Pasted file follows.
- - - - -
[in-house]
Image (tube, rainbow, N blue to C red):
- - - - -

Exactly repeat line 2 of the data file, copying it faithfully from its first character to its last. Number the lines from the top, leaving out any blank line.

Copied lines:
Image (tube, rainbow, N blue to C red):